- Haltech Elite 2500 ecu – This unit will include all of the functionality and I/O needed to make the full swap
- Haltech Harness – Buying the harness instead of converting my original one over came with a lot of benefits. Not only are the ecu plugs already pinned, the wires are all pre-colored with enough ground/power leads for all of the I/O, it also will allow the removal of the stock MFI relay and a bunch of other stock wiring that is no longer needed. The Harness comes with its own power distribution block that is pre-wired with relays for the higher power draw functions.
- Haltech Can Bus Dual Channel Widebands – This will replace the stock narrowband O2’s with full Widebands. Since this connects right into the Haltech CAN BUS it is fast and responsive and doesn;t use up any Haltech input channels on the ECU.
- Haltech Sensors – The map and pressure sensors “Fuel & Oil” are all Haltech. I originally tried to use the AEM sensors but had some issues with them so I swapped out to Haltech ones. The stock coolant sensor is still retained and a GM IAT sensor is also used which is the common IAT sensor most used.
- Haltech CAN BUS Hub – Allows all of the CAN BUS stuff to plug in using the 4 pin mini Deutsch connectors. Granted you can just splice all these wires together, I just find this a cleaner way and more easily serviceable.
- Haltech IC7 Dash – This will replace the entire dash cluster assembly. It is paired with a Mako Motorsports surround to make it look stock in the dash opening. The surround is a bit on the pricey side but the overall quality and clean fitment makes it well worth the price.
- Rvenge Performance COP Kit – Again with removing old tech, moving over to a full coil on plug kit means I delete the spark plug cables, the coil pack and the PTU. If you had to replace those three items the cost is about double what the COP kit itself costs.
- Rvenge Performance DBW Kit – I was a bit hesitant about going DBW and it took some time to weigh Pros vs Cons. In the end the added functionality of being able to have Cruise Control back without adding anything additional was probably the sway point for me. This would also be considered removing old tech as this deletes the stock throttle body, IAC, FAIV, throttle cable, and stock pedal. For those with a more stockish car it also removes the massive cruise control assembly.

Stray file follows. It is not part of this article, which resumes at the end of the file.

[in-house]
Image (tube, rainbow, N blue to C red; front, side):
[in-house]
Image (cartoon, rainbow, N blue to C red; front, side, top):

One main thing that people need to know is that moving over to Haltech is NOT a plug and play application. At the time of writing this there is no conversion harness that I know of to convert the stock ECU plug to the Haltech ECU. Even if there was, I would not recommend going that route. These cars are too old now to be reusing the stock engine harness and plugs. The stock wiring did not hold up well over the years to the engine bay heat, especially where the wire leaves the looms and goes into the plugs. I think every plug used in the engine is unsealed, meaning the wires are exposed before entering into the plug itself. This is where the wire coating has broken down, the wires have oxidized and corroded away. The aging wires in the engine bay are a common cause of engine problems in these cars today. There are still some stock plugs that have to be reused, mainly the crank/cam sensor and engine temp. Everything else in the engine bay should be getting replaced with a different sensor or has different plugs/pigtails in which I used Deutsch connectors for.
For the install I will be breaking it up into multiple sections as there is a lot to cover. These will be specific to my install and not a guide on how to install it. Since my car is completely custom and nowhere close to being stock, how I do my install will be different from how someone with a stockish car would do their install. A lot of the information will transition over but not every step will.